Apr 25th, 2016
Good morning SIX PHYSIO,
For a year I have suffered with a pain in my left Achilles muscle. This has ranged from unable to walk without shooting pains to a annoying but bearing pain where the muscle meets the heel.
The NHS physio has recommended I work on my glutes, as they’re not ‘firing’ and doing whats required mechanically and the kinetic chain is bearing the brunt of it.
I have being working on weighted squats/lunges, clams, bridging and hip extensions.
IS THERE ANYTHING MORE I CAN DO? The pain seems to have worsened and for no reason except the glute is weak,
Apr 25th, 2016
Quite a lot.
Achilles become problematic because they cannot handle the (excessive) load that is put through them – it’s why stretching is a great idea.
Excessive load comes from a few differing places but the most common one is a lack of control as to how your foot rolls in when you are out and about. The foot rolling in is very normal and natural but it’s the control of this rolling in which is key. Things like orthotics may help this as will things like improving the “firing” of your gluts, especially med as this lift the leg out, back and rotates out from the hip. Following down the chain this now helps control the rolling in of your foot, or pronation.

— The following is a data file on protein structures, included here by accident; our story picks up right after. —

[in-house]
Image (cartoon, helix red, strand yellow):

You don’t just wake up with poorly “firing” gluts – they do work but not effectively at the right time and place in the walking/moving – they’ve changed their timing/control/firing because of something. You need to know what this something is or all the rehab your doing is only trying to improve the “firing” without changing the underlying cause.
Having an Achilles problem will cause an issue with your gluts as will how you move your back cause an issue with your gluts.
It’s chicken and egg – but as long as you roast the chicken and scramble the egg, you still get fed.
I go along the lines of (especially when (good) rehab and load management has failed) do something different to what you’ve done.
I’d be more interested in getting the middle bit of your back to move better to allow your lumbar spine to sit in a more natural position to allow your gluts to function normally/better in things like squats and lunge. I’d also find out just how much load you can take through your Achilles before it says “enough”. It’s a little like Goldilocks and the 3 bears. You don’t want too much load or too little, but just the right amount.
So I doubt it’s “just” your glut, but might be about how you move your back, how you load your tendon or even how your nervous tissue processes pain…..
Far from simple, but you need to do the right stuff for the right amount of time.
Maybe get another set of eyes on your Achilles?
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